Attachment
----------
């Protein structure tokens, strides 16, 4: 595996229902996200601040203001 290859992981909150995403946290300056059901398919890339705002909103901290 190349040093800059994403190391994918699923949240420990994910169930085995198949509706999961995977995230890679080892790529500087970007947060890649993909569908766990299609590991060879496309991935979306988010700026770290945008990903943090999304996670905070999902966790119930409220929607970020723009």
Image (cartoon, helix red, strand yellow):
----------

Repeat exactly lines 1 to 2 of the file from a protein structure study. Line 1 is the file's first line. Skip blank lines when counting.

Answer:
């Protein structure tokens, strides 16, 4: 595996229902996200601040203001 290859992981909150995403946290300056059901398919890339705002909103901290 190349040093800059994403190391994918699923949240420990994910169930085995198949509706999961995977995230890679080892790529500087970007947060890649993909569908766990299609590991060879496309991935979306988010700026770290945008990903943090999304996670905070999902966790119930409220929607970020723009």
Image (cartoon, helix red, strand yellow):